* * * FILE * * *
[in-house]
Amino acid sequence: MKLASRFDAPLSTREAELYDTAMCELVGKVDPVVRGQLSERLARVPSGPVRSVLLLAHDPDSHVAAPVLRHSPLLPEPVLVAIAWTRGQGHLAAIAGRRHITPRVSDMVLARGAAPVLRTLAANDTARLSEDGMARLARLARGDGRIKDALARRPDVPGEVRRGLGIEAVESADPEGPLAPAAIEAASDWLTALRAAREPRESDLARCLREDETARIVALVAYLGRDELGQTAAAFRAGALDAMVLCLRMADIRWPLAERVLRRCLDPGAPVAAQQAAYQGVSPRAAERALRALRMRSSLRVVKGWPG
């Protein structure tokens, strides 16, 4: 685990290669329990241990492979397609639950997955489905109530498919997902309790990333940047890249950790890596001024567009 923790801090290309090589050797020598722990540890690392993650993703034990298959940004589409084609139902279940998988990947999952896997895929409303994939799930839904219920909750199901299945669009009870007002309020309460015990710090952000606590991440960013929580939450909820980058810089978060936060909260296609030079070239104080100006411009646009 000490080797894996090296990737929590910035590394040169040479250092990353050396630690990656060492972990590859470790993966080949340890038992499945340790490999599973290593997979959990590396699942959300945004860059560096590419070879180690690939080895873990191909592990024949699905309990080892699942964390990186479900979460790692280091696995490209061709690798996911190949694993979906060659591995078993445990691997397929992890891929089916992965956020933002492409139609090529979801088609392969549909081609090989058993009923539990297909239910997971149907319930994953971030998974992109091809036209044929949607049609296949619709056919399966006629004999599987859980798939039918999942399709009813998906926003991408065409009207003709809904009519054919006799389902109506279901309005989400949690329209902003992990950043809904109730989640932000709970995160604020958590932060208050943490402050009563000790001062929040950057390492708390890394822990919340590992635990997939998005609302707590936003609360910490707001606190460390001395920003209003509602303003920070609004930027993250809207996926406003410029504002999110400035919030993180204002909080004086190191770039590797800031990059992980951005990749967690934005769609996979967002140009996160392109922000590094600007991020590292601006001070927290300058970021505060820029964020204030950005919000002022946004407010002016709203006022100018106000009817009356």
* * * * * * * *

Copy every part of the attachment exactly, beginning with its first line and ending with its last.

[in-house]
Amino acid sequence: MKLASRFDAPLSTREAELYDTAMCELVGKVDPVVRGQLSERLARVPSGPVRSVLLLAHDPDSHVAAPVLRHSPLLPEPVLVAIAWTRGQGHLAAIAGRRHITPRVSDMVLARGAAPVLRTLAANDTARLSEDGMARLARLARGDGRIKDALARRPDVPGEVRRGLGIEAVESADPEGPLAPAAIEAASDWLTALRAAREPRESDLARCLREDETARIVALVAYLGRDELGQTAAAFRAGALDAMVLCLRMADIRWPLAERVLRRCLDPGAPVAAQQAAYQGVSPRAAERALRALRMRSSLRVVKGWPG
């Protein structure tokens, strides 16, 4: 685990290669329990241990492979397609639950997955489905109530498919997902309790990333940047890249950790890596001024567009 923790801090290309090589050797020598722990540890690392993650993703034990298959940004589409084609139902279940998988990947999952896997895929409303994939799930839904219920909750199901299945669009009870007002309020309460015990710090952000606590991440960013929580939450909820980058810089978060936060909260296609030079070239104080100006411009646009 000490080797894996090296990737929590910035590394040169040479250092990353050396630690990656060492972990590859470790993966080949340890038992499945340790490999599973290593997979959990590396699942959300945004860059560096590419070879180690690939080895873990191909592990024949699905309990080892699942964390990186479900979460790692280091696995490209061709690798996911190949694993979906060659591995078993445990691997397929992890891929089916992965956020933002492409139609090529979801088609392969549909081609090989058993009923539990297909239910997971149907319930994953971030998974992109091809036209044929949607049609296949619709056919399966006629004999599987859980798939039918999942399709009813998906926003991408065409009207003709809904009519054919006799389902109506279901309005989400949690329209902003992990950043809904109730989640932000709970995160604020958590932060208050943490402050009563000790001062929040950057390492708390890394822990919340590992635990997939998005609302707590936003609360910490707001606190460390001395920003209003509602303003920070609004930027993250809207996926406003410029504002999110400035919030993180204002909080004086190191770039590797800031990059992980951005990749967690934005769609996979967002140009996160392109922000590094600007991020590292601006001070927290300058970021505060820029964020204030950005919000002022946004407010002016709203006022100018106000009817009356």